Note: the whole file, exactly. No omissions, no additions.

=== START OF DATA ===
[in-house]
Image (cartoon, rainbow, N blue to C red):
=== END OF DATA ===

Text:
[in-house]
Image (cartoon, rainbow, N blue to C red):